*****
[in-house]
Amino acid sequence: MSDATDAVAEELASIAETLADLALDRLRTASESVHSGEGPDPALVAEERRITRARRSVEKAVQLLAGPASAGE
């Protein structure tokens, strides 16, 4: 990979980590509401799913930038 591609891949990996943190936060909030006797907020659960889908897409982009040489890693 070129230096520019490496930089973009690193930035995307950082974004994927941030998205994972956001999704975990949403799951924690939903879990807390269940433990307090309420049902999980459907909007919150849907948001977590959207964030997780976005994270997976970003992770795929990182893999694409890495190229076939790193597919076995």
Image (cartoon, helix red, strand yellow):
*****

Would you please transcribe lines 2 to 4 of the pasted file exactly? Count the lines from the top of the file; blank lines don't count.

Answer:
Amino acid sequence: MSDATDAVAEELASIAETLADLALDRLRTASESVHSGEGPDPALVAEERRITRARRSVEKAVQLLAGPASAGE
């Protein structure tokens, strides 16, 4: 990979980590509401799913930038 591609891949990996943190936060909030006797907020659960889908897409982009040489890693 070129230096520019490496930089973009690193930035995307950082974004994927941030998205994972956001999704975990949403799951924690939903879990807390269940433990307090309420049902999980459907909007919150849907948001977590959207964030997780976005994270997976970003992770795929990182893999694409890495190229076939790193597919076995």
Image (cartoon, helix red, strand yellow):